Home Sweet Home: the Harada family circumvents racially discriminatory laws to own their own home in the early 1900s

Home ownership is a component of the “American Dream” along with life, liberty and the pursuit of happiness. Home ownership has economic and social advantages that have historically created discrimination and predatory practices towards low-income people and people of color. The importance and right to fair housing is evidenced by the passage of the Fair Housing Act of 1968, which states that race or color, religion, sex, national origin, familial status or disability are all protected by law from discriminatory practices.

Immigration in California has been a contentious issue from the start, with the time period of the early 1900s focusing on the Japanese. In California, Japanese were prohibited from owning property due to the Alien Land Law. The Alien Land Law was passed by California Legislature in 1913 and marked the first in a series of laws that were racially discriminatory towards Japanese.

The first California Alien Land Bill (A.B. 404) was passed by the CA Assembly in 1907, following the practice of segregated schools for Japanese beginning in San Francisco after the 1906 earthquake. The bill limited the period of land ownership of aliens who didn’t declare to naturalize in 5 years and set a maximum lease period at 5 years.  While the bill was going through the California courts, President Theodore Roosevelt intervened multiple times because of his fear that the law would undermine negotiations underway between Secretary of State Ellihu Root and Ambassador Suizo Aoki. The bill was tabled in 907 by the CA Senate because of President Roosevelt’s intervention but underwent revisions and was ultimately passed in May of 1913.

The Harada house, located at 3356 Lemon Street, was home to the Japanese American Harada family: Jukichi, Ken and their children Mine, Sumi and Yoshizo. In December 1915, Jukichi found a way around this law by purchasing the home in Riverside and recording the title of the property in the names of his three American born children. After purchasing the home, residents in Harada’s community took action to eject the family from the neighborhood which led to filing suit in the Riverside Superior Court in 1916. The case went to trial on May 28, 1918 and was tried by Attorney General Webb, assisted by state Senator Miguel Estudillo. Judge Hugh Craig ruled the Alien Land Law was constitutional and that the California Constitution gave all citizens the right to own any land in the state. This ruling favored the Haradas since the title of the property was in the children’s names and Jukichi’s payment of the fee could not be construed as evading the Alien Land Law.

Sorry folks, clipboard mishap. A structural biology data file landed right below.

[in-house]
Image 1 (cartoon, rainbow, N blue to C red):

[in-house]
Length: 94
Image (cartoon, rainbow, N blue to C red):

While this was a historic step for Japanese in California to own land, this progress was shattered during World War II when the Harada family and other Japanese American citizens were separated and sent to an internment camps throughout California following the bombing of Pearl Harbor. Jukichi and Ken died in the camps, but the children retained ownership of the home because a white family friend took care of the house while they were forcibly kept in internment camps. Sumi Harada returned and lived in the house following the end of World War II.

The Harada house was declared a historical landmark in 1990 and is overseen by the Museum of Riverside. Explore the Harada House site https://www.riversideca.gov/museum/haradahouse/ to hear oral interviews and peruse lesson plans. One interview is with Mitsuru Inaba, who was forcibly evacuated with his family to the Manzanar Relocation Center during World War II.

While the case of the People v. Harada is considered a landmark case, it is unpublished and is difficult to find. While the case itself proves elusive, the effects of the decision reverberate through California’s legal history. Looking and learning about the past helps us make changes in the present for a better future.

Works Cited:

US Department of Justice, The Fair Housing Act (2017)  https://www.justice.gov/crt/fair-housing-act-1#:~:text=The%20Fair%20Housing%20Act%20prohibits%20municipalities%20and%20other%20local%20government,Act%20makes%20it%20unlawful%20%2D%2D

Bruce A. Castleman, California’s Alien Land Laws, 7 W. LEGAL Hist. 25 (1994).

City of Riverside, Harada House  (accessed November 25 and 30) https://www.riversideca.gov/museum/haradahouse/

Written by: Jenna Pontious, Public Services Librarian


By rcll

December 04, 2020

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